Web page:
Wednesday, June 06, 2007

College May Be Out For The Summer...

But the collegiate softball Worldseries, or whatever it is calling itself, is still going on. And you know what? It's pretty interesting stuff to watch, if not downright captivating.

I had the Bosox-Yankees game on Sunday night and between one of the innings I flipped around the dial and stumbled across ESPN2's coverage of game one of Arizona-Tennessee. For the fellow-uninitiated, Arizona is the defending champ, and the series is the best of three. Tennessee won on Sunday night, Arizona last night, bringing us game three tonight. What's different about softball is that the same pitcher pitches the whole game and every game. Tennessee's Monica Abbott and Arizona's Taryn Mowatt pitched complete games in games one and two, and are scheduled to take the mound tonight, too.

For fans of lots of scoring, you might be disappointed, because the pitchers are so dominating. But somehow the game is nevertheless riveting to watch. Sunday night's matchup won me over, leaving the Bosox-Yanks for Monday's sports page wrapup.

Last night's game had me hooked as it went to extra innings tied at zero, but Arizona scored a run in the top of the tenth and Mowatt held on in the bottom half of the inning to send the series to a game three.

Oh yeah, the girls are also, ahem, pretty foxy in most cases. But that really doesn't have anything to do with the game's draw. Really.

You should check it and them out. And if the Seattle Mariners are paying attention, Tennessee's Monica Abbott is graduating this year. I'm not an official scout, but here's a tip, Mariners' management: how about adding Abbott to your sorry starting staff?

Tuesday, June 05, 2007

Who's Pro-Life? Part 2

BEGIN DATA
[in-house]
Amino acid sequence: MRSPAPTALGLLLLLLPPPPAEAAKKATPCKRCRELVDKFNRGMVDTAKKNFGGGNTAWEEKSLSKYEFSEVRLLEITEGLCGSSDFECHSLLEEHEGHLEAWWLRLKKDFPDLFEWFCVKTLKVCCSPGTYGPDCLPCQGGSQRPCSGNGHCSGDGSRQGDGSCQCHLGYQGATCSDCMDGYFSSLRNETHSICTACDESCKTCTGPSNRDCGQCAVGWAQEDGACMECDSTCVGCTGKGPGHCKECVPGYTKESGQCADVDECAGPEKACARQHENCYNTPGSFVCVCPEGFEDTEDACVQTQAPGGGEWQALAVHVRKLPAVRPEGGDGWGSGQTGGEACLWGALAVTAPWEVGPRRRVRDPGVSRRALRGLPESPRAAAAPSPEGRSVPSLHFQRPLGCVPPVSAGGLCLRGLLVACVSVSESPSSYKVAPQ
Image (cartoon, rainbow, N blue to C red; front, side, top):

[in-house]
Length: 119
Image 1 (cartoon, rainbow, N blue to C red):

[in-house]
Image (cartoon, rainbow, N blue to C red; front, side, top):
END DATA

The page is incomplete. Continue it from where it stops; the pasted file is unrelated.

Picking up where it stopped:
Amanda's probably right to minimize any importance stemming from the dispute and dustup between the National "Right to Life" Committee and the James Dobson wing of the Republican Party, on the one side, and other anti-abortion groups as it relates to the recent SC ruling on "partial birth abortion".

Still, I couldn't help but be pleased in seeing at least some among the anti-abortion crowd calling out the obstensibly "pro-life" but practically "pro-Republican" groups for catering to party politics more than any real "pro-life" agenda.

In Rohrbough's view, partisan politics is also involved.

"What happened in the abortion world is that groups like National Right to Life, they're really a wing of the Republican Party, and they're not geared to push for personhood for an unborn child -- they're geared to getting Republicans elected," he said. "So we're seeing these ridiculous laws like the Partial-Birth Abortion Ban put forward, and then we're deceived about what they really do."

Who's Pro-Life?

Pro-choice Republican Rudy getting the business from a Roman Catholic bishop:

"...As Catholics, we are called, indeed required to be pro-life, to cherish and protect human life as a precious gift of God from the moment of conception until the time of natural death..."

I hate to wade in with a word of discord, but the Roman Catholic church wants to cherish and protect human life as a precious gift from God? I wonder what John Huss and other victims of the Inquisition think of this?

Monday, June 04, 2007

Waiting For Thompson